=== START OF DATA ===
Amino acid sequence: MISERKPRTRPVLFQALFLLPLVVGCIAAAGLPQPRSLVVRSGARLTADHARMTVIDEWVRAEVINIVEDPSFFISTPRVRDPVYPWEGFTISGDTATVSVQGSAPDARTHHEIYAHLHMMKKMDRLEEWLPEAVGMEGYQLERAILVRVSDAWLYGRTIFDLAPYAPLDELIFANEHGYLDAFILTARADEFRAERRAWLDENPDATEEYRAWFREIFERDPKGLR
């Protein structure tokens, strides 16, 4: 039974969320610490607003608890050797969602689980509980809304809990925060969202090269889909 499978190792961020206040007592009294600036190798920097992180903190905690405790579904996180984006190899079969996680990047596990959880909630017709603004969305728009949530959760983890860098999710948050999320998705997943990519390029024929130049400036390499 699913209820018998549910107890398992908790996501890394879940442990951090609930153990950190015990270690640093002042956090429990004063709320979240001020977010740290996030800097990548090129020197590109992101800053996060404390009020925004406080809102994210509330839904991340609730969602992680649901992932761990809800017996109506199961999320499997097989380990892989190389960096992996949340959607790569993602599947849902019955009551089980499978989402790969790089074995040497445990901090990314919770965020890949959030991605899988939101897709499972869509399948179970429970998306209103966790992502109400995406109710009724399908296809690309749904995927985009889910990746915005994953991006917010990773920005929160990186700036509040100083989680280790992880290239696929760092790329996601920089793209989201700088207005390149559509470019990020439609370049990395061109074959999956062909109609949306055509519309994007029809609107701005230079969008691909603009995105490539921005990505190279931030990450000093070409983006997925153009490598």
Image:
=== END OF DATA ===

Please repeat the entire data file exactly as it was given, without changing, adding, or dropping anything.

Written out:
Amino acid sequence: MISERKPRTRPVLFQALFLLPLVVGCIAAAGLPQPRSLVVRSGARLTADHARMTVIDEWVRAEVINIVEDPSFFISTPRVRDPVYPWEGFTISGDTATVSVQGSAPDARTHHEIYAHLHMMKKMDRLEEWLPEAVGMEGYQLERAILVRVSDAWLYGRTIFDLAPYAPLDELIFANEHGYLDAFILTARADEFRAERRAWLDENPDATEEYRAWFREIFERDPKGLR
């Protein structure tokens, strides 16, 4: 039974969320610490607003608890050797969602689980509980809304809990925060969202090269889909 499978190792961020206040007592009294600036190798920097992180903190905690405790579904996180984006190899079969996680990047596990959880909630017709603004969305728009949530959760983890860098999710948050999320998705997943990519390029024929130049400036390499 699913209820018998549910107890398992908790996501890394879940442990951090609930153990950190015990270690640093002042956090429990004063709320979240001020977010740290996030800097990548090129020197590109992101800053996060404390009020925004406080809102994210509330839904991340609730969602992680649901992932761990809800017996109506199961999320499997097989380990892989190389960096992996949340959607790569993602599947849902019955009551089980499978989402790969790089074995040497445990901090990314919770965020890949959030991605899988939101897709499972869509399948179970429970998306209103966790992502109400995406109710009724399908296809690309749904995927985009889910990746915005994953991006917010990773920005929160990186700036509040100083989680280790992880290239696929760092790329996601920089793209989201700088207005390149559509470019990020439609370049990395061109074959999956062909109609949306055509519309994007029809609107701005230079969008691909603009995105490539921005990505190279931030990450000093070409983006997925153009490598």
Image: